As 1965 dawns, President Lyndon Johnson launches the Great Society, the most ambitious raft of social program bills since the Great Depression. He also wants to pass a voting rights bill, but is worried he will alienate Southern legislators.
Meanwhile, Dr. Martin Luther King Jr., frustrated at the lack of progress on voting rights, has mounted a vote campaign in Selma, Alabama, which Sheriff Jim Clark brutally thwarts.
As Johnson attempts to juggle these issues, a crisis develops in Vietnam: The Viet Cong attack a Marine support base, and the President feels compelled to retaliate. Despite Vice President Hubert Humphrey’s trepidations, Johnson agrees to Secretary of Defense Robert McNamara’s plan for a bombing campaign and an increase in American troops to get the North Vietnamese to negotiate.
King organizes a protest march from Selma to Montgomery. After the marchers are brutally attacked by Sheriff Clark’s troopers, Johnson tries to get Governor Wallace to protect them. Wallace refuses. Furious, Johnson puts the Alabama National Guard under federal control.
At the same time, he sends his voting rights bill to Congress. Legislative victories follow as Congress passes bills on Medicare, education, poverty programs, and finally, voting rights.
But ominous events cloud these bright achievements: Facing instability in Vietnam, Johnson sends more American troops. Despite greater numbers, they meet with little success. Then, one week after the Voting Rights Act is signed, the Watts riots in Los Angeles begin to stir up public opinion against civil rights.
As 1966 dawns, the Vietnam War drag on. Casualties are mounting with no sign of victory in sight. King has moved north to Chicago to challenge housing discrimination there. Johnson is trying to pass an open-housing bill to remedy discrimination, but faces stiff resistance, particularly from Chicago Mayor Richard Daley. After white residents attack peaceful black demonstrators, riots erupt.
The civil unrest in the North increasingly swings American voters to the right. In quick succession, Johnson is handed defeats on his open-housing bill and in the midterm elections of 1966. A divide begins to appear between King and the President. In early 1967, the rising death toll in Vietnam sparks more antiwar protests. Finally, King speaks out against the war, which creates an irreversible rift between the two men.
On the economic front, the war has caused deficits and inflation to mount. Johnson is forced to defend his social programs against budget cuts by conservatives and his war policy from attacks by the left. An atmosphere of paranoia envelops the White House as Johnson increasingly suspects Robert Kennedy of trying to undermine him. Finally, in early 1968, the President is faced with a major North Vietnamese offensive and a near-defeat in the New Hampshire primary. He decides not to run for another term.
The Great Society Legislation
On Jan 4, 1965, President Lyndon Johnson, in his State of the Union speech, announces a plan for the most sweeping series of social programs since the Great Depression. He called this collection of programs “The Great Society.” In the two weeks following the speech, he introduced bills that would fund huge increases in support for health care, education and a campaign he called “the war on poverty.”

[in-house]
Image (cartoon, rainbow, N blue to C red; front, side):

In a whirlwind of legislative activity, Johnson then managed to pass 181 bills over the next two years, including:
• The Elementary and Secondary Education Act, which provided federal aid for materials and special education programs for low-income children and also established Head Start to give preschool education for poor children.
• The establishment of Medicare, which provided low-cost hospitalization and medical insurance for Americans over 65.
• The Economic Opportunity Act of 1954, which provided more funding for the Office of Economic Opportunity and enhanced programs such as Job Corps, Volunteers in Service to America (VISTA) and the Model Cities Program for urban redevelopment.
Joseph Califano, former United States Secretary of Health, Education and Welfare, said, “. . . from 1963 when Lyndon Johnson took office until 1970, the portion of Americans living below the poverty line dropped from 22.2 percent to 12.6 percent, and the percentage of African Americans below the poverty line dropped from 55 percent in 1960 to 27 percent in 1968.”
But a variety of factors undermined support for many of the Great Society programs. The cost of the Vietnam War squeezed funding for domestic programs, and the resulting rising inflation and government spending deficits led to public support for cutbacks. In the ensuing years, although Medicare remained fully funded, the Richard Nixon and Gerald Ford administrations dismantled the Office of Economic Opportunity. In 1981, President Ronald Reagan further cut funding for many of these programs.
An edited version reprinted from OSF’s 2014 Illuminations, a 64-page guide to the season’s plays. For more information, or to buy the full Illuminations, click here. Members at the Patron level and above and teachers who bring a school groups to OSF receive a free copy of Illuminations.